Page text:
Well priced, well made and well equipped for the money, the up! GTi is good to drive in most respects without re-writing any headlines dynamically. The engine is the strong point, the brakes and chassis less so. But as an alternative to the similarly priced Twingo GT it’s in a league of one, even if it’s not as much fun – or as fast – as the more expensive Fiat 500 Abarth.
Toyota has launched a new global high-performance sub-brand that is set to rival BMW’s M Division, Mercedes’ AMG and Audi’s RS editions, claim company insiders. Known simply as GR – which stands for Gazoo Racing – Toyota’s new performance division will roll out globally over the next few years, and will appear on most new Toyotas. The first of these to reach the UK is the new Yaris GRMN.
It’s expensive, yes, but the Yaris GRMN is a proper little hot hatchback to drive, with enthusiast appeal by the bucket load. As a precursor to a whole new range of fast Toyotas in the future, it’s an impressive start – so long as they make the pricing a little more user friendly in the future. Toyota has never fully committed to the idea of making a bona fide hot hatchback before, preferring instead to deliver a series of competent but hardly mind-altering warm hatchbacks over the years.
Muck Rack makes it simple to find people, tweets, or articles that mention any name, keyword, company, hashtag etc. We've compiled this guide to help you make the most of your search.
Selecting a term
Start searching tweets, articles from media outlets, articles mentioned in tweets, journalists'
names, titles and bios with some suggested searches:
Companies or Topics (e.g. iPhone, Microsoft)
Phrases (e.g. "cloud computing") — use quotes to keep the terms together
Twitter handles (e.g. @username) — returns those who have mentioned or replied to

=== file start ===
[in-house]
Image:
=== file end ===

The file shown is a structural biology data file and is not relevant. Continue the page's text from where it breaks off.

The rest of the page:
Names (e.g. "David Pogue")
Hashtags (e.g. #sxsw, #london2012)
Bio details (e.g. vegan, Olympics, father)
Muck Rack's Advanced Search allows for many boolean operators.
Find results that mention multiple specified terms, use AND or
+. For example, ensure each result contains both Elon Musk and Mark Zuckerberg by
searching Musk AND Zuckerberg or Musk + Zuckerberg.
Use the operators OR or , to broaden your search when you'd like either of
multiple terms to appear in results. (This is the default behavior of our search when no operators
are used). For example, results will contain either cake or cookie by searching cake OR cookie or cake,cookie
Use NOT or - to subtract results from your search. For
example, searching Disney will yield results about the Walt Disney Company as well as Walt Disney
World Resort. To exclude mentions of Disney World, search for Disney -World or Disney
When using one of these operators with a phrase, enclose it in quotation marks. For example, you can
find results about smartphones excluding Apple's iPhone 4S by searching smartphone -"iPhone
Exact case matching or punctuation
If you're searching for a brand name or keyword that relies on specific punctuation marks or capitalization, you can
find results that match your exact query by adding matchcase: before the keyword you're searching for, like matchcase:E*TRADE .
Use parentheses to separate multiple
boolean phrases. For example, to find journalists talking about having fun in Disney World or
Disneyland, search for ("disney world" OR disneyland) AND fun.
An asterisk can be used to search for any variation of a root word truncated by the asterisk. For example, searching for admin* will return results for administrator, administration, administer, administered, etc.
A near operator is an AND operator where you can control the distance between the words. You can vary the distance the near operation uses by adding a forward slash and number (between 0-99) such as strawberries NEAR/10 "whipped cream", which means the strawberries must exist within 10 words of "whipped cream".